Glasgow's £74m Riverside Museum opens to public

 

Hundreds of people queued to be first inside the new Riverside Museum which officially opened to the public

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Glasgow's new £74m Riverside Museum has been officially opened.

The venue, on the banks of the River Clyde, will showcase the city's transport, shipbuilding and engineering heritage.

It was designed by prize-winning architect Zaha Hadid and houses more than 3,000 exhibits, in about 150 displays.

The Tall Ship Glenlee, which has been berthed alongside the museum, has also been re-opened.

Councillor Gordon Matheson carried out the formal opening ceremony smashing a bottle of champagne on the side of the building in the same way vessels are launched on to the Clyde at Govan Shipyard.

He said: "I am delighted to be welcoming people to Glasgow's latest star attraction.

"The Riverside Museum is a breathtaking new home for our internationally-renowned transport collection.

Interior view of the new Riverside Museum in Glasgow The Riverside is the first major museum to open in Glasgow since The Burrell Collection in 1983

"The exhibits inside this magnificent new building have been given a further lease of life thanks to some stunning new displays that not only show off the trains, cars, trams and bikes, but also tell the stories of the people who made them, bought them, used them and loved them."

Despite the rain, hundreds of people flocked to the new museum to be among the first to take a look around.

Gaynor McLea, who lives in Lenzie, East Dunbartonshire, was visiting with her five-year-old son.

She said: "It's very impressive and a lot brighter than the last place."

Angela Adams, who is 58 and lives in Knightswood, Glasgow, said: "It is much bigger and better than the old one. I worked in the old one years ago in the 90s.

"It is really, really fantastic. It has taken a lot of hard work and it is great for children to see the history."

Two young visitors view an exhibit at the Riverside Museum in Glasgow The previous Transport Museum at the Kelvin Hall attracted almost 500,000 visitors per year

More than 1,200 people have worked on the project since it was given the initial go-ahead in 2002.

Lawrence Fitzgerald, project director and manager of the museum, said: "The public have been involved in this project from the very beginning.

"We had stakeholder groups set up and they helped inform this museum, they have helped with the content by donating their memories, their photographs."

Drumming collective, Clanadonia, and the Jordanhill School boys choir performed a special sea shanty as the Tall Ship was reopened to the public, with the first 50 passengers invited on board free of charge.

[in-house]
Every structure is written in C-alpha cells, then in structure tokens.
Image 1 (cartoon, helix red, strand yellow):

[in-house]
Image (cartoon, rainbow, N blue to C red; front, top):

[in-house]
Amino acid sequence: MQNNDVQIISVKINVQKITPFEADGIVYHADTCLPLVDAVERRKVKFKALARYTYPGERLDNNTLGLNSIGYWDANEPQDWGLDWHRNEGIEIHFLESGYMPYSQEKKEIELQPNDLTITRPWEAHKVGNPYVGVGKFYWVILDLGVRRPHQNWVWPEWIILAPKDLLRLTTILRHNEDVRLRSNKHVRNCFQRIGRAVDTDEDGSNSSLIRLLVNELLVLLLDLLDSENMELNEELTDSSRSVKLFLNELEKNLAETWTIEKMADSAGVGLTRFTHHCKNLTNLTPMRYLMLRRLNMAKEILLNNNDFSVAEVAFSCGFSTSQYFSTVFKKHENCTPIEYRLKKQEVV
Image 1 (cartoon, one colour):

The Riverside Museum has been funded by Glasgow City Council, the Heritage Lottery Fund and the Riverside Museum Appeal.

A new ferry running across the Clyde between Govan and the new Kelvin Harbour close to the museum was also being launched to coincide with the Riverside's opening.

It is the first regular passenger service on that part of the river since the 1960s.

The Riverside Museum is the third home for Glasgow's transport collection since the 1960s and the first major museum the council has built since The Burrell Collection opened in 1983.

The previous Transport Museum at the Kelvin Hall in the city's west end attracted almost 500,000 visitors per year.

Are you visiting the museum on its opening day? If so, send your pictures to the BBC Scotland news website at newsonlinescotland@bbc.co.uk and we'll try to feature as many as we can.

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  • rate this
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    Comment number 23.

    I have visited the new Riverside Museum . So far not impressed but it was newly open . I'll go back for a good look once the schools have gone back in - then it may be possible to see it properly . I remember taking the kids to see it in Pollockshields - they loved it there - I don't think they would appreciate this new version

  • rate this
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    Comment number 22.

    A pound spent on construction stays mainly in the UK; a pound spent in the high street goes mainly to Japan or China. I understand this project gave a lot of jobs to Glasgow. If you don't like how it looks, at least the architect isn't Scottish.

  • rate this
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    Comment number 21.

    To iainmonty,
    glad to hear that you won't be visiting the new Museum, I'd hate for anyones visit to be ruined by someone who obviously would prefer a derelict shed or a piece of waste ground rather than this piece of architecture, which houses some of the cities historical artifacts. Maybe we should just give these items away. You should be proud that Glasgow is joining the 21st Century.

  • rate this
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    Comment number 20.

    the new transport museum looks great not visited it yet will wait till the excitements dies down,what i did notice on the video clip was the destination blind on the albion venturer B92 the destination said GARBRAID AVENUE,which is mispelt should that not be GAIRBRAID AVENUE,why did they not leave the original blind on bus instead of a copy..

  • rate this
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    Comment number 19.

    bibbaliz Indeed they will spend cash, and most of it will go to externally based companies who take more out of Glasgow than they put in.

    I may well be a grumpy old man, but my view doesn't happen to match the PR blitz. Not much has been done to connect with residents, and I'm aware of people who have lost their jobs to make the books balance for Glasgow Life. As I said, just like GoMA.

 

Comments 5 of 23

 

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